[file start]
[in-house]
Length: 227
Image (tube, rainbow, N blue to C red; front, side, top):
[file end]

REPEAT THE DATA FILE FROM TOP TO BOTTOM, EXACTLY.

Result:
[in-house]
Length: 227
Image (tube, rainbow, N blue to C red; front, side, top):